AIDS, Autopsies and Abandonment
Ratzan, Richard M.
JAMA. 1988 Dec 16; 260(23): 3466-3469.
The obligation of the medical profession to ensure that autopsy is available for AIDS patients is analyzed from the historical perspective of the risk and sacrifice inherent in medicine and the ethical obligations and responsibilities of physicians. Inappropriately avoiding autopsies in AIDS patients causes potential harm to the decedent, the loss of all benefits derived from autopsies, and harm to the professional status of physicians. The practice of medicine now requires doctors to take personal risks for their patients, as it did up until the advent of penicillin, and presents challenges of conscience and dedication for all who strive to heal. (KIE abstract)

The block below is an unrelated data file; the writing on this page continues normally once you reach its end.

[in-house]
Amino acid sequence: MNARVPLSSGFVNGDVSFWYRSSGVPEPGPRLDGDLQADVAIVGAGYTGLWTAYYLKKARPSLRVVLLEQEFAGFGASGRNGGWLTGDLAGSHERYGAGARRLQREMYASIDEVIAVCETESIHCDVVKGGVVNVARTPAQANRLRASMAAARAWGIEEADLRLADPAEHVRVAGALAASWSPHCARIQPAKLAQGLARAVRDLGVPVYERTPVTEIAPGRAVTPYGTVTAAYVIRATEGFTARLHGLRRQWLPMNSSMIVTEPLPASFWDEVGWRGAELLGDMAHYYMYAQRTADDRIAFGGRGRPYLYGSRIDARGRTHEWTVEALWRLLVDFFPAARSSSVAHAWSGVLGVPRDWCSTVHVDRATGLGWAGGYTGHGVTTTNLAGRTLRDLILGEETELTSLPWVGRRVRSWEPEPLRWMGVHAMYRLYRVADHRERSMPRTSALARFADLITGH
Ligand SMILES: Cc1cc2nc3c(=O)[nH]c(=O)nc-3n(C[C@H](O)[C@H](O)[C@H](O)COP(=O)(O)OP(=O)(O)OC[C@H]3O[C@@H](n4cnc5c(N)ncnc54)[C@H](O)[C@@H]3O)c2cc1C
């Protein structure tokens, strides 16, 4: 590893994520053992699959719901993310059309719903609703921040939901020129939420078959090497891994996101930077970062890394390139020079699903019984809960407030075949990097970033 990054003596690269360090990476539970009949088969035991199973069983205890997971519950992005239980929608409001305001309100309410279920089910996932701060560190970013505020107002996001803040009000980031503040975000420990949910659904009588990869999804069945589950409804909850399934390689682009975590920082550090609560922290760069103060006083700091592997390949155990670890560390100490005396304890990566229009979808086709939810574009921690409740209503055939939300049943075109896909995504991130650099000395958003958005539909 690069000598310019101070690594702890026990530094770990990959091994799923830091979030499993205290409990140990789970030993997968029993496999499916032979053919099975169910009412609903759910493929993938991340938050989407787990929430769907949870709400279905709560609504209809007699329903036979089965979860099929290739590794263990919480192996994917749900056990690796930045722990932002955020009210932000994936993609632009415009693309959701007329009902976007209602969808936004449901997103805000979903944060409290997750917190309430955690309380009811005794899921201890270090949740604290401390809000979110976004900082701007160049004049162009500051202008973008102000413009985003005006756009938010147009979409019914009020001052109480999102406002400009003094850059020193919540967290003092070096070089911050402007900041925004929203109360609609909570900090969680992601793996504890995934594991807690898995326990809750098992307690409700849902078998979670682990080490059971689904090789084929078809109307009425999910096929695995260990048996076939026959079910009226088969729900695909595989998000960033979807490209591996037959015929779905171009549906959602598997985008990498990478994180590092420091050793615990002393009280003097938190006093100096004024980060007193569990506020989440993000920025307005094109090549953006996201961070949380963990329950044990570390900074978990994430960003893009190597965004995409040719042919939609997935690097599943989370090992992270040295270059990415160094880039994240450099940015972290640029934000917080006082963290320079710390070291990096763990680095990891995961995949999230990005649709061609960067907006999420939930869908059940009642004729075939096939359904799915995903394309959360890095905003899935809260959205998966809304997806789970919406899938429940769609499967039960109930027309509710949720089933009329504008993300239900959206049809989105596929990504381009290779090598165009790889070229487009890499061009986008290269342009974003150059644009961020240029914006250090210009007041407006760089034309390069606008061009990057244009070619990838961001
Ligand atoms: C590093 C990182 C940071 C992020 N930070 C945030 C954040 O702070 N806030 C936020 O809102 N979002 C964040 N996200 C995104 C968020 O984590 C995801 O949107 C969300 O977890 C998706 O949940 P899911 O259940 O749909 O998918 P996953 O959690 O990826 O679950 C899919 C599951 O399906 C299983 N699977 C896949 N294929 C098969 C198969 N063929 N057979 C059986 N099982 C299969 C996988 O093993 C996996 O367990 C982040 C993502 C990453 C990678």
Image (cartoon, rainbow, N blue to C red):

Aids; Altruism; Autopsies; Cadavers; Communicable Diseases; Conscience; Discrimination; Doctors; Ethics; Harm; Health; Health Personnel; HIV Seropositivity; Medical Ethics; Medicine; Moral Obligations; Patients; Physician Patient Relationship; Physician's Role; Physicians; Risk; Risks and Benefits; Responsibilities; Selection for Treatment; Social Discrimination;
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Emanuel, Ezekiel J.; Sarewitz, Stephen J.; Goetz, David W.; Ratzan, Richard M.; Schneiderman, Henry (1989-10-27)
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